This is a discussion about the value and results of training users. I have mixed feelings about it. I really believe that training users must be part of a security program. However, I must also admit that there are limits about the effectiveness of this measure. Afterall, they are humans. You can make 80% of your users avoid problems, but 20% will certainly look for them even after months of training.

On the DR discussion, RSNake mentions that you need to keep harmful things far from the users. I agree with him, specially about the local admin. A big problem is that on most of the organizations there are lots of people with special privileges on their workstations, mostly IT staff. These are the most dangerous, as they use to have dangerous tools installed and critical information access. They also think that they don't need security training, what is different from the regular business user, that knows that there is risk and that he/she doesn't know how to avoid it.

I think that problems from users actions is like a big hole being covered from two sides. One of them is the least privilege and default deny concepts. We need to take them seriously. The other is security awaress. Both sides are not enough to close the gap alone, but increasing both together will achieve the goal.

Friday, February 23, 2007

Black Hat Europe - Here we go!

Finally I've found time to write about my new challenge: to speak at the BH Europe!

I'm working on a botnet trends review with André Fucs and Victor Pereira, my old friends in security research. We already built some interesting things to show there, and I hope that some others will be ready for the presentation too. It's our first international presentation, so we are a bit anxious about it. There will be a presention from Jose Nazario on Black Hat DC next week, it seems that he'll show that some things that we will be indicating as trends are already being detected. Good to know that we are on the right track.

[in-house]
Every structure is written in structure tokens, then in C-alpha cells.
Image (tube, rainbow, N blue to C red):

Monday, February 12, 2007

Modern malware

I've just read a very interesting analysis of a new malware on SANS ISC. They've found a malware that downloads a password protected zip file from a HTTP location. The contents of this package is encrypted. The malware also uses a certificate to establish SSL connections to the IRC control servers, avoiding detection by network IDSes. Very interesting.

However, this one still doesn't solve the major obstacles for malware spreading. It tries to use a simple TCP outbound connection to talk to the servers, what is usually blocked by well configured firewalls. It would be far more difficult to block it if it tries to use SSL HTTP connections through a common proxy setup. The malware could search google for an specific string (or a dynamic string generated by some sort of pseudo-random number generator), finding dynamically the URLs where it could download its commands.

Another thing that is interesting on that analysis is the note from the ISC handler saying that most antivirus are still not able to detect this malware. He mentions defense in depth strategy, what is absolutely right. The use of anomaly detection is also an important feature to fight these new malware threats. I'd like to see how the SONAR technology from Symantec would react against this particular case.

Tuesday, February 6, 2007

Other view about anomaly-based detection

I am a huge fan of anomany-based detection, instead of using the old and innefective signature-based. I'm always saying that about IDS and antivirus. However, it's always good to see different opinions and information. I've found this article very interesting, as it shows some problems related to anomaly-based detection. It's a very valuable reading.


I've heard last week, on a Executive Board meeting, a CEO complaining about IT budget requests that he was receiving trying to justify the expenses by showing a ROI. He mentioned that almost all were wrong, as they were based on cost avoidance and not cost reduction. Although none of them were related to security, I found his comments extremely pertinent to the famous ROSI discussion. I'm glad to see that my personal opinion about it is aligned with what the CEO of the company that I work for thinks.

Security monitoring - NSM and Logs